Corporate Idolatry is the adoption of a value system that prioritizes the company over the people in your life.  Have you ever made a personal sacrifice for the company, a sacrifice that came at the expense of  your family?

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[i] Idolatry by Moshe Habertal and Avishai Margali.  Translated by Naomi Goldblum.  Harvard University Press.  P. 212.

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Comments

  1. Greg Marcus says:

    Have you ever made a personal sacrifice for the company, a sacrifice that came at the expense of your family? – Unfortunately yes. But doing this once does not an idolator make, any more than getting one parking ticket a parking scofflaw make. The years I worked 90 hours a week meant a regular sacrifice of family time, and my kids were worse off for it. It didn’t have to be that way, and I found a way to change.

  2. You’re right that the idolatry language is heavy for people, but it’s so exactly right. I was reflecting on this very thing a couple of years ago, and considered all the “sacrifices” that people had made to pursue a career or their vision of a perfect family. This uncovered it for me.

    Today the word “sacrifice” means something that we set aside in order to achieve something greater. So you have to make a “sacrifice” if you want to succeed. The word is pretty innocuous. But when you consider that the origin of the word refers to exactly the kind of thing you discuss with Moloch — people making sacrifices in order to appease their gods — the word changes tone.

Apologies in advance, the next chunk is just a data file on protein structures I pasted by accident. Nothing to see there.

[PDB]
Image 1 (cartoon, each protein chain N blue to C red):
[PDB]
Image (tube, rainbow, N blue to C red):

In the Old Testament there are good sacrifices (honoring God with the “first fruits” of your crops, essentially thanking God for the harvest and the conditions that made it possible), and there are bad sacrifices (trying to appease a false god through the sacrifice of your children.)

    If we don’t get caught up in the idea that this is an ancient culture, and think about the principles, it makes so much sense. We can have a greater good we want to pursue (like a career), and in order to achieve we have to make some sacrifices. That’s normal. But what are we sacrificing? If we’re sacrificing time in front of the TV, that’s fine. If we’re sacrificing time with our spouse, then we are putting our marriage “on the altar” and choosing success over our committed relationship. If we’re sacrificing time with our children, then we’re putting them “on the altar.” We’re not killing them like the old worshippers of Moloch. But we are damaging them–and as someone who has worked with youth for fifteen years, I can tell you the damage done by neglectful parents who were pursuing career is devastating.

    • Greg Marcus says:

      Hi Marc

      Thanks for sharing your story and perspective. You are right sacrifice can be for either a good or a bad cause.

Trackbacks

  1. […] a wide collection of additional stories and commentary about Abrhams life.  In this story that I first learned as a child, Abraham elegantly shows that the statues people worshiped were false […]